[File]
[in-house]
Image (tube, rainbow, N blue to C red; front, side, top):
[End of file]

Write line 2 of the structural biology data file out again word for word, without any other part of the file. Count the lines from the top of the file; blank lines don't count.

Image (tube, rainbow, N blue to C red; front, side, top):